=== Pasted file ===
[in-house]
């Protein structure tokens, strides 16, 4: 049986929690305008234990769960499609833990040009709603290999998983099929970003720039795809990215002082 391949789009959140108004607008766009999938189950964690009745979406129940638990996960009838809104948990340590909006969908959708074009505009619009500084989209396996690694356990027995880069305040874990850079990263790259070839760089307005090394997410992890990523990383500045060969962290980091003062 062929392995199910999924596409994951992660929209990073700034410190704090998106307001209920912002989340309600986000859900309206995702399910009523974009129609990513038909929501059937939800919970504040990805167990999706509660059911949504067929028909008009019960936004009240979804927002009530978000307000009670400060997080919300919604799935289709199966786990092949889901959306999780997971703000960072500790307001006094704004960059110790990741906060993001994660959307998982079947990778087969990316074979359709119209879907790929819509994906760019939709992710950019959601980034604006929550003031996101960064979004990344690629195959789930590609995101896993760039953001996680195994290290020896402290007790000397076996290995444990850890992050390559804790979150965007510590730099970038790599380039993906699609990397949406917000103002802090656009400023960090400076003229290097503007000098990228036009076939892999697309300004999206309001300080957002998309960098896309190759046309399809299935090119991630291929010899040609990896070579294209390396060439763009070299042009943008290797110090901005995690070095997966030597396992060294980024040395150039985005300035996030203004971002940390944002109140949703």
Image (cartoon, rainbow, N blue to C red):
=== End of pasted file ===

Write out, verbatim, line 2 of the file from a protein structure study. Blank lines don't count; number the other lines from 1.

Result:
């Protein structure tokens, strides 16, 4: 049986929690305008234990769960499609833990040009709603290999998983099929970003720039795809990215002082 391949789009959140108004607008766009999938189950964690009745979406129940638990996960009838809104948990340590909006969908959708074009505009619009500084989209396996690694356990027995880069305040874990850079990263790259070839760089307005090394997410992890990523990383500045060969962290980091003062 062929392995199910999924596409994951992660929209990073700034410190704090998106307001209920912002989340309600986000859900309206995702399910009523974009129609990513038909929501059937939800919970504040990805167990999706509660059911949504067929028909008009019960936004009240979804927002009530978000307000009670400060997080919300919604799935289709199966786990092949889901959306999780997971703000960072500790307001006094704004960059110790990741906060993001994660959307998982079947990778087969990316074979359709119209879907790929819509994906760019939709992710950019959601980034604006929550003031996101960064979004990344690629195959789930590609995101896993760039953001996680195994290290020896402290007790000397076996290995444990850890992050390559804790979150965007510590730099970038790599380039993906699609990397949406917000103002802090656009400023960090400076003229290097503007000098990228036009076939892999697309300004999206309001300080957002998309960098896309190759046309399809299935090119991630291929010899040609990896070579294209390396060439763009070299042009943008290797110090901005995690070095997966030597396992060294980024040395150039985005300035996030203004971002940390944002109140949703």